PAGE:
[E-voting] UK shelves plans for e-voting trials

Catherine Ansbro cansbro at eircom.net
Fri Sep 9 18:19:13 IST 2005


Brian O'Byrne wrote:

>This problem goes away if and only if you fully trust the program that 
>is running on the voting machine. Unfortunately there is no test you 
>can perform while voting that will give you that trust.
>This problem can go all the way down to the operating system. 
>
It can go below the OS to the BIOS or firmware or hardware.  There is no 
way to get a guaranteed clean bill of health for any machine, with my 
current understanding. In the USA there is technology embedded in 
machines that has the capacity to contact satellites--yet supposedly 
there was nothing "connectable" on the equipment.  Far more can be done 
that what is generally appreciated, and technology advances more rapidly 
than the awareness and ability of watchdogs to attempt to keep things 
under control.

>
>The worst thing about these to problems is not that they are possible, 
>but that they are undetectable and unquantifiable. If you could come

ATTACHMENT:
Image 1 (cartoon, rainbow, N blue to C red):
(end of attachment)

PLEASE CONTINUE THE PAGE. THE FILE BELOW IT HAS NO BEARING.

>up with a proof that these problems could affect no more than x% of 
>the vote then we could bring the technology back into the picture and 
>compare it with the accuracy of other technologies. 
>  
>
One of the biggest problems is that e-voting fraud can be used to affect 
an entire election by manipulating a very tiny percent of the vote.  
Have a look at Bob Fleischer's paper here: 
http://www.bbvforums.org/cgi-bin/forums/show.cgi?tpc=9954&post=11022#POST11022  


and also see Ron Crane's suggestions for improvements here: 
http://www.bbvforums.org/cgi-bin/forums/show.cgi?tpc=9954&post=11177#POST11177

You only need to change a small number of votes to throw a close race.  
In Ireland there are even more devious ways of doing this (e.g., by 
tampering with #2 votes rather than #1s).

No increase in turnout or convenience is worth jeopardizing the 
integrity of our elections.

Catherine




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